The PS Lincoln Castle was the last of the River Humber ferries to be built prior to the construction of the road bridge, which brought the service to a close. One of three sister ships, amazingly all of which have survived, the PS Lincoln Castle was built in 1940 at the A. & J. Inglis boatyard on the River Clyde in Scotland. Owned by the London and North Eastern Railway Company (LNER) she was 200ft (60.6m) in length, 33ft (10m) across the beam, had a gross tonnage of 598 tonnes, and was powered by a triple expansion diagonal reciprocating steam engine.
Completed after the outbreak of the Second World War, the PS Lincoln Castle's journey to Grimsby was never going to be an easy one. There were only two routes that could be taken. To the south, around the south-west coast of England and up through the English Channel, thereby risking attack by both the German navy and air forces, or to the north around Scotland and into the stormy waters of the North Sea. Deciding on the northern route, the PS Lincoln Castle soon encountered a severe storm in which she was damaged, forcing her to return to the River Clyde yard for repair. A second attempt was made in the spring of 1941, this time as part of a larger convoy. Although spotted by a German dive-bomber, PS Lincoln Castle arrived safely in Grimsby to begin a busy life transporting troops and supplies along the River Humber to whereever they were needed.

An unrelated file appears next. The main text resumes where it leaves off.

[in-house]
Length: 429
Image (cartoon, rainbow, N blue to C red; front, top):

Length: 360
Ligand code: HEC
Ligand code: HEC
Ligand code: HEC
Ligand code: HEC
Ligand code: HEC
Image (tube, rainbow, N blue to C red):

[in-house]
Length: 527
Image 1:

After the war, LNER were amalgamated with British Rail but the three sister ships, PS Tattershall Castle, PS Wingfield Castle and PS Lincoln Castle, continued their ferry services between Hull and New Holland. They also ran a Sunday excursion schedule from Hull, providing evening cruises to Read's Island, and daytime trips to Grimsby. This role continued until the opening of the Humber Bridge in 1981 when, as the country's last coal-fired paddle steamer, PS Lincoln Castle was laid up.
Purchased privately by the Johnson family in 1986 the PS Lincoln Castle was brought back to the National Fishing Heritage Centre, Grimsby having been sympathetically converted to provide a unique location as a restaurant, bar and function suite. A role that she would fulfil for a further 20 years.
Inevitably time takes its toll and the difficulty of moving the ship from the dock, due to the construction of the road bridge, meant that proper and regular maintenance of the hull was not maintained. This led to leaks that proved extremely difficult to resolve. In an attempt to facilitate repairs the ship was deliberately grounded on a slag pile constructed in one corner of the dock, so that she was exposed at low tide. However, it proved impossible to affect proper repairs from this location and the additional stresses placed on the hull plates ultimately made the situation worst. The costs of refloating the PS Lincoln Castle and getting her access to a dry dock were soon to become prohibitive to her owners.
Tragically, having been closed to the public since 2006, this important piece of our maritime heritage was needlessly broken up in the Alexandra Dock in October 2010, despite a valiant last ditch attempt by the Lincoln Castle Preservation Society to save her.